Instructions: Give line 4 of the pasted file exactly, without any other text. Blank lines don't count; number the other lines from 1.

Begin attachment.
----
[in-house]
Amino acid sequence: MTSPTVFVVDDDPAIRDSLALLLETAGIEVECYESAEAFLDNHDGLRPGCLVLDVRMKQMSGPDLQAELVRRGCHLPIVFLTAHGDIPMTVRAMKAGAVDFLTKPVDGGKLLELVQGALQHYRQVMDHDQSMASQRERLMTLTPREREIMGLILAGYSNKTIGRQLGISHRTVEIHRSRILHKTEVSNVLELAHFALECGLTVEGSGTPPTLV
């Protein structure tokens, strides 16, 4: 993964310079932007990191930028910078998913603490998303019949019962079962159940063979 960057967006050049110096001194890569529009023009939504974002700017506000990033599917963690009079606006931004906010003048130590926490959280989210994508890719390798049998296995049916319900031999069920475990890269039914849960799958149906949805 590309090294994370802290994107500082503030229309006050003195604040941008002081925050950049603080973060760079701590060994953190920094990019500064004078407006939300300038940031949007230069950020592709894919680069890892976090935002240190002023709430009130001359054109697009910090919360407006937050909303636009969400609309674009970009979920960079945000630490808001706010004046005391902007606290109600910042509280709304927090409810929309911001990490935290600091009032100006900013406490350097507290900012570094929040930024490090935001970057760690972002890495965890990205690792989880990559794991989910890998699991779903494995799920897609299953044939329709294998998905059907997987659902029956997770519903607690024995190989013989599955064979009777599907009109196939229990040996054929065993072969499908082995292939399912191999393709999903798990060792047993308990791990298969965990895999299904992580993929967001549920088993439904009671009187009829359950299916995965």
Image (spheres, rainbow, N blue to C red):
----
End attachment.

Image (spheres, rainbow, N blue to C red):